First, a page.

Preferably the material is phosphor bronze.

BRIEF DESCRIPTION OF THE DRAWINGS

The invention is further described by way of example with reference to the accompanying drawings in which,

FIG. 1 shows a variable capacitor incorporating a cooling arrangement in accordance with the present invention and

FIG. 2 shows the deflector in greater detail.

DESCRIPTION OF THE PREFERRED EMBODIMENT

Referring to FIG. 1, the variable capacitor consists of a set of fixed cylindrical vanes 1, which are arranged concentrically about an axis 2 of symmetry and are firmly attached to a thick copper base plate 3. A second set of cylindrical vanes 4 are also mounted concentrically about the axis 2 and these vanes are firmly attached to a second copper plate 5. The vanes 4 are movable backwards and forwards in the direction of the double headed arrow 6 under the control of a rotatable shaft 7.

The shaft 7 is coupled by means of a screw thread 8 to a slider 9, which moves in the direction of the double headed arrow 10 in dependence of the direction of rotation of the shaft 7. The slider 9 is rigidly attached to one end of a hollow tube 11, the other end of which is connected to the plate 5. Thus, the extent to which the vanes 4 overlap or penetrate the vane 1 can be varied by rotation of the shaft 7, and it is the degree of overlap which determines the effective capacitance of the variable capacitor.

The variable capacitor is intended to operate at very high power levels with one electrical connection being made to the copper plate 3 via an outer copper disc 12, and another electrical connection being made to another copper plate 13 via a copper ring 14. In operation, a very high voltage, typically of the order of 30 kV is present between the two electrical terminals and in order to provide the necessary electrical insulation a ceramic sleeve 15 is located as shown. This sleeve 15, together with a co-operating copper sleeve 16, define an evacuated enclosure 28 within which the vanes 1 and 4 are situated.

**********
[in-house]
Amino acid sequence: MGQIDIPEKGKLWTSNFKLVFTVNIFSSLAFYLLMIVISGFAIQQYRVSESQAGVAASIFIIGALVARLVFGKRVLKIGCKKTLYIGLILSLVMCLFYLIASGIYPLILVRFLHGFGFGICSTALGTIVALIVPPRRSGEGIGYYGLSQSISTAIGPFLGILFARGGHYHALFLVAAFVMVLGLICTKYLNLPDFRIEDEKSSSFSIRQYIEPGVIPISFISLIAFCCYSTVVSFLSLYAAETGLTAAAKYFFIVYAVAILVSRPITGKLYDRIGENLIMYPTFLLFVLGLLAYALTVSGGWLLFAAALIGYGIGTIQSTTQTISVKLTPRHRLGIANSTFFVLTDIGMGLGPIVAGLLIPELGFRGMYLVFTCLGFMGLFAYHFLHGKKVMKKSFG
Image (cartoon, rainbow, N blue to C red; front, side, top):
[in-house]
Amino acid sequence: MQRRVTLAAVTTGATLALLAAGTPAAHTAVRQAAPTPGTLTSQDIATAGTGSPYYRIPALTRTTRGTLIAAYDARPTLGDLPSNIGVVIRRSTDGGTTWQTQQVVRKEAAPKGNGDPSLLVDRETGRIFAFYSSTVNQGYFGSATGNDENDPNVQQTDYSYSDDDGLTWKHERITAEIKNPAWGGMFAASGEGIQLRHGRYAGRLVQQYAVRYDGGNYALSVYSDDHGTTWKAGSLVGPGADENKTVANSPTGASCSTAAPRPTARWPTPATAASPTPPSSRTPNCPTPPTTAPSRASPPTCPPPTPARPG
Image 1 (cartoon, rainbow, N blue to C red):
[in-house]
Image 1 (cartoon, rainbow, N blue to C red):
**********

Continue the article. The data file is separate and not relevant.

The electrical radio frequency current flows from the ring 14 along the outer surface of the copper sleeve 16, back down the inner surface of this sleeve, radially across the inner surface of the copper plate 13 and along the outer surface of the wall of a bellows 18. The current flows along an outer wall of each conductor in view of its very high frequency.

The bellows 18 is provided so as to prevent air entering the evacuated enclosure 28 via the drive mechanism coupled to shaft 7 which is used to move the vanes 4. One end of the bellows 18 is attached in a gas tight manner to the plate 13, and the other end is attached to a similar gas tight manner to the plate 5. In FIG. 1, the bellows 18 is shown in its fully extended position.

The bellows 18 is of generally cylindrical form, that is to say it has a circular cross-section, and its maximum diameter is determined by the outer edges of the convolutions 19, whereas its minimum diameter is determined by the inner edges 20 of the convolutions. The region lying between two positions 20, and encompassing the position 19 is termed a convolution-one such convolution is indicated by the reference 29. A deflector 21 is mounted within the bellows 18 and is rigidly connected to the copper plate 13. The deflector 21 has an outer surface which is provided with a multi-start helical spiral, which is in essence similar to the profile of a screw thread, but the helical recesses are very much deeper.

The nature of the deflector 21 can be seen in greater detail in FIG. 2. It is in the form of a hollow cylinder and the tube 11 is arranged to slide within it and be supported by it.